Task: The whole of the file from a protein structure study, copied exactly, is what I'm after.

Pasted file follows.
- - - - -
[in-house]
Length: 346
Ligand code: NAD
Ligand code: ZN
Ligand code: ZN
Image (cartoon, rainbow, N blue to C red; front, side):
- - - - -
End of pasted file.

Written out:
[in-house]
Length: 346
Ligand code: NAD
Ligand code: ZN
Ligand code: ZN
Image (cartoon, rainbow, N blue to C red; front, side):